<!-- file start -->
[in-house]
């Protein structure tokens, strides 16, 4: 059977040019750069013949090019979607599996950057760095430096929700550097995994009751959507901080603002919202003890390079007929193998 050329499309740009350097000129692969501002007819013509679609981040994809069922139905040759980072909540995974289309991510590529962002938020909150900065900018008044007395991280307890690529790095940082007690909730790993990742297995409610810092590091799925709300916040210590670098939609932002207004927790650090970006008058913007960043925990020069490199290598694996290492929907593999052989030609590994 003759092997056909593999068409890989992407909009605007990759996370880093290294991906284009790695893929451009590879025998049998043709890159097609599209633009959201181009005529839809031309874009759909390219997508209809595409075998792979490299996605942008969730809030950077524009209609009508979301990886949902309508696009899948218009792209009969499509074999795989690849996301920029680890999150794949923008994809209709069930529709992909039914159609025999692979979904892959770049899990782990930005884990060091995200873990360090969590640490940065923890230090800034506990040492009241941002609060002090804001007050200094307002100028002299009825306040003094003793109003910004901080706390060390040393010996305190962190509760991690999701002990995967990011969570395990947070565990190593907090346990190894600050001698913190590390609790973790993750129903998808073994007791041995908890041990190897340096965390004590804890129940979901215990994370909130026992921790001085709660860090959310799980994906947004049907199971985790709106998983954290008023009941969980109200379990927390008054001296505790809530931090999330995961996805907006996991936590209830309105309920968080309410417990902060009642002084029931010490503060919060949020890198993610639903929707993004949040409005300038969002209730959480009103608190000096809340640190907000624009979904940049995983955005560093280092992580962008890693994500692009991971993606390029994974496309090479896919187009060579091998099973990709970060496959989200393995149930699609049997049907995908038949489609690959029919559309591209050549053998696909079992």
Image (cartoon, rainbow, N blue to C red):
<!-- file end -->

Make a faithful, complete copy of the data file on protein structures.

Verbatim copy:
[in-house]
């Protein structure tokens, strides 16, 4: 059977040019750069013949090019979607599996950057760095430096929700550097995994009751959507901080603002919202003890390079007929193998 050329499309740009350097000129692969501002007819013509679609981040994809069922139905040759980072909540995974289309991510590529962002938020909150900065900018008044007395991280307890690529790095940082007690909730790993990742297995409610810092590091799925709300916040210590670098939609932002207004927790650090970006008058913007960043925990020069490199290598694996290492929907593999052989030609590994 003759092997056909593999068409890989992407909009605007990759996370880093290294991906284009790695893929451009590879025998049998043709890159097609599209633009959201181009005529839809031309874009759909390219997508209809595409075998792979490299996605942008969730809030950077524009209609009508979301990886949902309508696009899948218009792209009969499509074999795989690849996301920029680890999150794949923008994809209709069930529709992909039914159609025999692979979904892959770049899990782990930005884990060091995200873990360090969590640490940065923890230090800034506990040492009241941002609060002090804001007050200094307002100028002299009825306040003094003793109003910004901080706390060390040393010996305190962190509760991690999701002990995967990011969570395990947070565990190593907090346990190894600050001698913190590390609790973790993750129903998808073994007791041995908890041990190897340096965390004590804890129940979901215990994370909130026992921790001085709660860090959310799980994906947004049907199971985790709106998983954290008023009941969980109200379990927390008054001296505790809530931090999330995961996805907006996991936590209830309105309920968080309410417990902060009642002084029931010490503060919060949020890198993610639903929707993004949040409005300038969002209730959480009103608190000096809340640190907000624009979904940049995983955005560093280092992580962008890693994500692009991971993606390029994974496309090479896919187009060579091998099973990709970060496959989200393995149930699609049997049907995908038949489609690959029919559309591209050549053998696909079992």
Image (cartoon, rainbow, N blue to C red):